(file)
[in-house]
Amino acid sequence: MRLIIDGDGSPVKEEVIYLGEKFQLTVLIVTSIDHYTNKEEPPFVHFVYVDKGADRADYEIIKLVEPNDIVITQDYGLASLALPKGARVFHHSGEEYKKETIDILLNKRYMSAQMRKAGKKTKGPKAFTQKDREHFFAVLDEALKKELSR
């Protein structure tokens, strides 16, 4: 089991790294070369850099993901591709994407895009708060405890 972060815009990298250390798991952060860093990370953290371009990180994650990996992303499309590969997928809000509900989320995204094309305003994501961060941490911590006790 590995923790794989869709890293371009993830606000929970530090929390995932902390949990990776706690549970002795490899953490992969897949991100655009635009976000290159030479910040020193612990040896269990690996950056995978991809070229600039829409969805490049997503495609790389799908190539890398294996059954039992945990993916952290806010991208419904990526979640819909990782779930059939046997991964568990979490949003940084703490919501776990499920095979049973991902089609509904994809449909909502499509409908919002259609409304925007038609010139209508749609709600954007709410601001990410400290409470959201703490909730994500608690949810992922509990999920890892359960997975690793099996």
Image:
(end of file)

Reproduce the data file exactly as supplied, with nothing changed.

[in-house]
Amino acid sequence: MRLIIDGDGSPVKEEVIYLGEKFQLTVLIVTSIDHYTNKEEPPFVHFVYVDKGADRADYEIIKLVEPNDIVITQDYGLASLALPKGARVFHHSGEEYKKETIDILLNKRYMSAQMRKAGKKTKGPKAFTQKDREHFFAVLDEALKKELSR
């Protein structure tokens, strides 16, 4: 089991790294070369850099993901591709994407895009708060405890 972060815009990298250390798991952060860093990370953290371009990180994650990996992303499309590969997928809000509900989320995204094309305003994501961060941490911590006790 590995923790794989869709890293371009993830606000929970530090929390995932902390949990990776706690549970002795490899953490992969897949991100655009635009976000290159030479910040020193612990040896269990690996950056995978991809070229600039829409969805490049997503495609790389799908190539890398294996059954039992945990993916952290806010991208419904990526979640819909990782779930059939046997991964568990979490949003940084703490919501776990499920095979049973991902089609509904994809449909909502499509409908919002259609409304925007038609010139209508749609709600954007709410601001990410400290409470959201703490909730994500608690949810992922509990999920890892359960997975690793099996």
Image: